Psychometrists are professionals who are trained to administer and score psychological tests. The majority of their job involves gathering data and calculating statistics based on that data. The majority are employed in research facilities, testing companies, and universities, although it is also common to find psychometrists working in health care facilities, law enforcement and criminal justice facilities, and even the military. It is common for psychometrists to have a doctorate in a related field. There are very few graduate-level psychometrics degree programs, so most psychometrists enter the discipline through a related field, such as statistics or psychology. Aspiring psychometrists will want to take coursework in mathematics and statistics as well as psychology and neuroscience.

Median annual wage: $84,060

Common entry-level degree: Doctorate degree

Likelihood that robots will take your job: 22%

Non-Traditional Jobs for Neuroscience Majors

7.  Biotech or Pharmaceutical Sales Representative

If you are interested in neuroscience, but you aren’t interested in pursuing a job in an explicitly scientific field, you might consider becoming a sales representative for a pharmaceutical or biotech company. Sales representatives work on behalf of a pharmaceutical or biotechnology company to sell their products, whether it be medications or medical devices, to doctors, physicians and hospitals. Becoming a sales representative only requires a bachelor’s degree, though many pursue additional education as well.

Median annual wage: $78,830

Common entry-level degree: Bachelor’s degree

Likelihood that robots will take your job: 25%

8. Science Journalist

If you are interested in science but would like to write for a living, a neuroscience major can prepare you well for a career as a science journalist. Science journalists may write about all branches of science for newspapers, magazines or websites. While there is no degree requirement to become a writer, a degree in neuroscience or another field of science can give you the essential knowledge to cover your subjects accurately.

Median annual wage: $39,370

Common entry-level degree: Bachelor’s degree

Likelihood that robots will take your job: 11%

9. Substance Abuse and Behavioral Disorder Counselor

Substance abuse and behavioral disorder counselors work with individuals who are struggling with substance addiction or other problem behaviors, such as eating disorders, conduct disorder, and attention deficit disorder, among others. These professionals are trained to evaluate patients’ mental health and provide diagnoses when appropriate. They also work with individuals and their families to devise treatment plans and help them cope with recovery and build relationships. The education requirements to become a substance abuse and behavioral disorder counselor vary by state, but most enter the field with at least a bachelor’s degree. If you have a bachelor’s degree in neuroscience, you will likely want to pursue further education, and probably a master’s degree in counseling and psychology.

Median annual wage: $43,300

Common entry-level degree: Bachelor’s/Master’s degree

Likelihood that robots will take your job: 3%

Other Jobs for Neuroscience Majors

10. Neuroimaging technician

Neuroimaging technicians specialize in producing medical images of the brain using a variety of tests, such as positron emission tomography (PET), magnetic resonance imaging (MRI) and computed tomography (CT) scans. These technicians are trained to handle and maintain a variety of brain scanning technologies, process imaging using neuroimaging software, collect and organize data, and sometimes assist in brain imaging analysis. Education requirements vary based on the opening, but typically employers look for applicants with at least a bachelor’s degree, though sometimes they will target applicants with master’s degrees.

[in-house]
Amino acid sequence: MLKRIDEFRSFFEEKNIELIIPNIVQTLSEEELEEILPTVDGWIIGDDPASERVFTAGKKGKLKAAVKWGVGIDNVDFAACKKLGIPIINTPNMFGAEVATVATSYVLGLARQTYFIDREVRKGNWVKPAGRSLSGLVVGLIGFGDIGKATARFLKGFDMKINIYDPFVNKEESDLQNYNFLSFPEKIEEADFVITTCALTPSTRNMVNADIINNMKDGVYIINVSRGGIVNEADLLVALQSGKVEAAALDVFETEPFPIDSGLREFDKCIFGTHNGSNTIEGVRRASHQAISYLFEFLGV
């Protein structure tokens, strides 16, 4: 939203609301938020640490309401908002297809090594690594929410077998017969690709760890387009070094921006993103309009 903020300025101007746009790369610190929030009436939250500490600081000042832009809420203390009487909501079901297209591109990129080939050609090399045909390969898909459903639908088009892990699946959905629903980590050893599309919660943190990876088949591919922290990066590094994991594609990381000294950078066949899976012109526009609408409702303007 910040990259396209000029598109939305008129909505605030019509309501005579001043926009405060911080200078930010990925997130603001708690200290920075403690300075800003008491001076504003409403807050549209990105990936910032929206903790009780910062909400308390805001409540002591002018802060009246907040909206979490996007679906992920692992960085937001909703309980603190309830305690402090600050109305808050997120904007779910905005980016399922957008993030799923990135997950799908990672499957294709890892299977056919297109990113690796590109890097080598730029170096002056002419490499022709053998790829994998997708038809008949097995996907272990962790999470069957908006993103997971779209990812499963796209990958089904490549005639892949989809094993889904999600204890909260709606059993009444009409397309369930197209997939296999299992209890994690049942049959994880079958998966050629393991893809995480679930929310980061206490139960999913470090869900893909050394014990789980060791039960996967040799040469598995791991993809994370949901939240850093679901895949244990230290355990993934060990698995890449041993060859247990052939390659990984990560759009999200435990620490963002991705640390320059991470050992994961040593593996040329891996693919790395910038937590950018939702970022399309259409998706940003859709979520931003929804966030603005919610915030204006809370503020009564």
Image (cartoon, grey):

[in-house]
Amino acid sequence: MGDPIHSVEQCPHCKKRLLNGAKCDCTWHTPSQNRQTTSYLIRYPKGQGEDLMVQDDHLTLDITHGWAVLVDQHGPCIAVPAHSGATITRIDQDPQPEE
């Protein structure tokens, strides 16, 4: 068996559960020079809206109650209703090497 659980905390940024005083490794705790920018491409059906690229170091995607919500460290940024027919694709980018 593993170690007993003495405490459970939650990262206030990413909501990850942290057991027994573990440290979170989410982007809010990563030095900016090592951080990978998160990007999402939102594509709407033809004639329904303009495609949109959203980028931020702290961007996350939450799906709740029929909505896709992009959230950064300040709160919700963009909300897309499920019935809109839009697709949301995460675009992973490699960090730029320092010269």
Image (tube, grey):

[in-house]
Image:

Median annual wage: $69,930

Common entry-level degree: Bachelor’s/Master’s degree

Likelihood that robots will take your job: 90%

11. College Professor

As with many students in the sciences, many neuroscience majors go on to become professors of their discipline. Being a college professor is a great option for neuroscientists, as you can nurture and inspire the next generation of scientists while also conducting your own research. To earn a job teaching at the post-secondary level, you will need at least a master’s degree, but you will typically need a doctorate for a full-time tenure-track professorship.

Median annual wage: $77,190

Common entry-level degree: Master’s/Doctorate degree

Likelihood that robots will take your job: 3%

12. Medical Research Scientist

Medical research scientists conduct research and perform experiments with the goal of understanding and improving human health. Many work on teams with other medical researchers, technicians and students to design and conduct studies, or develop new technologies or methods to understand and treat human diseases. Generally, medical scientists have a doctorate in a life science or subfield of biology. Some may also have medical degrees.

Median annual wage: $96,070

Common entry-level degree: Master’s/Doctorate degree

Likelihood that robots will take your job: 0.5%

10 Famous People Who Studied Neuroscience

  1. Richard W. Aldrich, neuroscientist
  2. Gregory Berns, neuroeconomist
  3. Mayim Bialik, actress
  4. David Eagleman, neuroscientist and science communicator
  5. Ze Frank, online personality
  6. Sam Harris, neuroscientist and public intellectual
  7. Susan Hockfield, neuroscientist and university administrator
  8. David Marr, neuroscientist
  9. Kiki Sanford, neurophysiologist and science communicator
  10. Gazi Yasargil, neurosurgeon

To explore options for other majors, click here.